Of course, just as no two properties are alike, so too are there vast differences in approaches to email marketing. No matter at which level your marketing budget and commitment are, there are some basics to really making your message resonate with your clients. For example:
- Get personal. We’ve already touched on this, but it bears repeating. Your clients will ignore messages that begin, “Dear Customers.” Given the sophistication of some of the new email marketing tools, there is no excuse for this. The personalizing functions of a good program let you communicate seemingly one-on-one, and that is a big measure of its impact.
- Use pictures. Five years ago, 90 percent of all emails sent were text only. But so much of the home-buying decision is visceral that using well-chosen imagery enormously enhances its impact, and attracts them to a property they might otherwise have passed over.
- Customize. It is possible to tailor messages to a customer’s gender, age, purchase history, lifestyle interests and specific neighborhood. If your email marketing agency doesn’t provide this, keep looking.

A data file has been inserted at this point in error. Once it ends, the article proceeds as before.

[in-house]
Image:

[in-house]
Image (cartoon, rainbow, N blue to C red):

- Be patient. It takes time to gain traction with a marketing initiative like this. We ask our clients for at least a year to really see results. Trust is the result of consistent behavior over time.
- Keep it short. When people are receiving 25, 50 or even 100 emails each day, they do not have time to linger over a long-winded message. Get to the point. They’ll appreciate it.
Speaking of multiple messages, this is probably a good place to talk about spam – or more specifically, how to avoid having your messages flagged by the ever-more-aggressive spam filters in use today. Internet experts estimates that 94 percent of all messages sent over the Internet today are spam.
Spam filters work by searching for and flagging specific words or phrases, obviously, but they also employ algorithms that examine suspicious word-to-images ratios (which can be read as porn). When composing emails, we hand-code our messages using W3C (World Wide Web Consortium) protocols and perform an “Inbox Preview” before they get sent, assuring proper delivery.
On each email, include an easy opt-out link to maintain credibility and to comply with the law. List your physical address and include accurate “subject” and “from” lines.
Finally, know your results. In the toolkit of the successful modern real estate professional, this is one of the biggest advantages that email has over the social media tools. My company, Email Broadcast, produces reports for my clients that the number of emails sent, opened and acted upon. With email marketing, you can find out what worked and what didn’t.
With all of the sophisticated technology available to us, it still bears remembering that the tools that are the most effective for us in generating leads and closing sales are those that make our clients feel special. Isn’t that what we all want?
Learn more about the author, Ken Mahar.